Improbable improv

I still fondly remember the original British version of “Whose Line Is It Anyway?”, hosted by Clive Anderson, which aired for many years on Comedy Central in the U.S. That was followed, of course, by an American version, hosted by Drew Carey, which used many of the same American and Canadian comics who’d appeared on the British version.

While I will always love the Clive Anderson version the best, the Drew Carey version was quite funny as well, and it was rerun for years by the ABC Family cable channel.

Since “Whose Line” went out of production, there have been several attempts to produce improv game showcases in the same vein. There was “Drew Carey’s Green Screen Show,” on the now-defunct WB network, in which the improvisers worked in front of a green screen, and animators in post-production added whimsical backgrounds, props and other embellishments to their skits. More recently, there was “Drew Carey’s Improv-A-Ganza,” a Las Vegas-based improv showcase on GSN (nee Game Show Network). Carey also put together some pay-per-view improv specials, none of which I ever saw.

One problem with both “Green Screen” and “Improv-A-Ganza” is that they tried cramming too many improvisers into a single episode. The four-man format of “Whose Line” encouraged camaraderie, running gags and teasing among the improvisers. With the more-crowded rosters on “Green Screen” and “Improv-A-Ganza,” there just wasn’t space for that sort of thing. Many commentators also said the Vegas casino setting for “Improv-A-Ganza” contributed to this as well.

There were also some attempts that didn’t involve Drew Carey. One summer, one of the networks (NBC?) ran “Thank God You’re Here,” a format in which comedy stars (not necessarily from improv backgrounds) were pushed through a door and suddenly thrust into an improv skit, which always started with the title phrase. Jim Henson’s son Brian even produced a pilot episode of “Puppet Up!”, an improv show involving puppet performers. Supposedly, Craig Ferguson shot a game show pilot with improv elements, but I don’t think that’s ever aired. The new comedy game show “Bunk,” on IFC, isn’t an improv show per se, and it’s much more along the lines of alternative comedy. But even “Bunk” has occasional elements that make one think of “Whose Line.”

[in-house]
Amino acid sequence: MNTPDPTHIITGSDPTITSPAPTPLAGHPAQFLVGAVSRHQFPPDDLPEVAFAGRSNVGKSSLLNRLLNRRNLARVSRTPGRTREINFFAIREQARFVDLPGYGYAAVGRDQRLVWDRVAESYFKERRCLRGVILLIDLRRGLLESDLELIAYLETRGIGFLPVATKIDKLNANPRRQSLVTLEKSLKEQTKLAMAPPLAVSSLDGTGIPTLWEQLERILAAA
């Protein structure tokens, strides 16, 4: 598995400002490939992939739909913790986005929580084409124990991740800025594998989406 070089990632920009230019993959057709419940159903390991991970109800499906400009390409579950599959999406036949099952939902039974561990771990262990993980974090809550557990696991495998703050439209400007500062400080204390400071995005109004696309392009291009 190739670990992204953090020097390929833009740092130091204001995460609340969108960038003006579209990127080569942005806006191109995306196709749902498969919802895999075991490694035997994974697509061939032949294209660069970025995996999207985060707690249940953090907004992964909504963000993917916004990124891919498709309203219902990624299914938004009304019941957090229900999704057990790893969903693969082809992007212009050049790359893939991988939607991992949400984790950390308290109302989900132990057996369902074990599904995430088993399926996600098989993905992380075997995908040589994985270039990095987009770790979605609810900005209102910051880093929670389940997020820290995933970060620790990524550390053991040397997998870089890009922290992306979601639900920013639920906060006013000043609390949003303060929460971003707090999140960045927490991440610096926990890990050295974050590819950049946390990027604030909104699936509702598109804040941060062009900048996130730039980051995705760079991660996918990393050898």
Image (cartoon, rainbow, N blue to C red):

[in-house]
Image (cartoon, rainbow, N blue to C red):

I’ve given up on anyone ever recapturing the lightning-in-a-bottle that was “Whose Line,” but a new show which premiered tonight is surprisingly funny and promising. It’s called “Trust Us With Your Life,” and even though it was bankrolled by ABC, specifically for American television, it was actually shot in England by the producers of the original British “Whose Line.”

It’s sort of like “Whose Line” with a gimmick. If you ever watched “Improv-A-Ganza,” you know they had a game called “first date.” A couple from the audience would be brought up on stage and asked to describe their first date. The improvisers would then attempt to act it out as the couple watched. The couple could ring a bell to indicate that the improv version was close to the truth, or could sound a buzzer if the performers got something wrong – in which case the improvisers would back up and try a different approach.

“Trust Us With Your Life” is like a whole show based on this game. The host, Fred Willard, interviews a celebrity guest or guests about various stories from their life. These stories form the basis for various “Whose Line”-style games performed by four improvisers – yes, four. Colin Mochrie, Wayne Brady and Jonathan Mangum are the three regulars, and “Whose Line” veterans like Greg Proops will be seen in the rotating fourth spot.

The show premiered tonight on ABC with back-to-back episodes. The first had tennis player Serena Williams as the celebrity subject, while the second had Kelly and Jack Osbourne of the Osbournes. Next week: Mark Cuban and Ricky Gervais, either of whom has great potential for humor.

You would think that the celebrity stories would lend the show a gimmicky aspect, and I guess it does, but the improv games themselves, and everything else about the proceedings, feel much more like “Whose Line,” and are therefore much more fun, than any other post-“Whose Line” project. I laughed a lot during the Serena Williams episode. I think this could turn out to be good, if ABC will give it a chance.

It’s interesting that Willard (who actually is a good improviser, as evidenced by the largely-improvised Christopher Guest mockumentaries) doesn’t take part in the proceedings the way Carey did. He, like Clive Anderson from the original British “Whose Line,” is content to host.